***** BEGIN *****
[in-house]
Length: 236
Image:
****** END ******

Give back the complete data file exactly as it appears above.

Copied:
[in-house]
Length: 236
Image: